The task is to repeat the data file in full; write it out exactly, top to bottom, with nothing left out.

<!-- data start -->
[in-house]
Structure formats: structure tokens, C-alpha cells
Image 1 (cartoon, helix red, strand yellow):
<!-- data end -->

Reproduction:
[in-house]
Structure formats: structure tokens, C-alpha cells
Image 1 (cartoon, helix red, strand yellow):